Seattle Seahawks cornerback Richard Sherman has no interceptions and is ranked 82nd at his position in one assessment. Beginning Thursday against the San Francisco 49ers, Sherman needs to be his old ball-hawkin’, smack-talkin’ self.

Share story

Attention, Seattle — We have a missing-person alert.

The absent party is 27 years old, 6-feet-3 inches tall and was last seen sporting a head full of dreads. At one point, the man was considered the premier trash-talker in football. He also was the best cornerback in the NFL.

Info on his whereabouts would be greatly appreciated.

Oh, Richard Sherman, where art thou? Where is the baddest defender in shoulder pads — the man who dominated the field, mic and Twitterverse with inimitable flair?

There was a time when the only thing more striking than Sherman’s bravado was his production. Through six games, however, both have shriveled like leaves in the fall.

The Seahawks need the old Sherm back, pronto. They need him smack-talkin’ off the field and ball-hawkin’ on it.

Better times still might be around the corner for this football team — but for that to happen, one corner needs to be better.

Entering Thursday’s Seahawks-49ers game, Pro Football Focus has Sherman ranked as the 82nd-best cornerback in the league. Yes, the sample size is relatively small, but the data can’t be dismissed entirely.

Basically, the PFF analysts assign a grade on every play from every game. And fair or not, they haven’t been all that impressed with No. 25.

Perhaps they noted the 11-yard pass to Corey Brown and the 32-yard pass to Greg Olsen — both of which led to touchdowns in the loss to Carolina — and felt as though Sherman got beat. Or maybe they threw down the hammer when Sherman was flagged for pass interference on a 52-yard toss in Green Bay, which led to three points for the Packers.

Whatever the case, solid as Sherman has been for much of the season, he hasn’t been spectacular. Is he the No. 82 corner in the NFL? Heck, no. But he has looked a looong way from No. 1.

On Tuesday, Sherman was told of his grade during his weekly news conference and responded: “Is that right?” He then downplayed the evaluation, said that nothing about his game has been off and warned that critics might not know enough about the coverages to make a proper assessment.

He has a point. Two Sundays ago, it looked as though Seahawks safety Kam Chancellor was burned twice for TDs in Cincinnati, but the next day coach Pete Carroll said neither was his fault. So maybe Sherman is fine.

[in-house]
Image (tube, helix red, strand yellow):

After all, he still scares the bejeezus out of quarterbacks, who target him less than all but three other corners in the league. And he is still damn effective on most pass plays, giving up just 0.79 yards per snap when in primary coverage — good for 14th in the NFL. And in case you forgot, when guarding the Bengals’ A.J. Green, Sherman effectively neutralized one of football’s best receivers.

But remember that tweet he sent out to Darrelle Revis after the 2012 season — the one in which he mentioned his eight interceptions and three forced fumbles before advising Revis to “get your picks up”?

Well, this year, Sherman has zero interceptions and zero forced fumbles.

Sherman, of course, doesn’t send tweets like that these days. He doesn’t talk himself up while standing on the podium, either.

On Tuesday he was asked if there were any plays that stood out when he looked back on his battles with the San Francisco 49ers. He couldn’t think of any. Yup, his tip that led to an interception that won the NFC championship in 2014 somehow slipped his mind.

Seems times have changed for Sherman just as they have for the Seahawks. A corner who once was the edgiest in the league now plays for a team that’s lost its edge. Who knows? Maybe it’s time for Sherman to go retro. He doesn’t have to go out and degrade anybody, but maybe talking that junk could help lift Seattle out of its funk.

Or maybe he just needs to make a big play.

Last season, Sherman had only one pick through 11 games. Then he went on the road against San Francisco, intercepted Colin Kaepernick twice, waved goodbye to Niners fans and ate turkey on the field. If there was ever a game in which the Hawks need that type of performance from their three-time All-Pro, it’s Thursday night.

So now’s the time, Richard — get your picks up.

Because your team could really use a pick-me-up.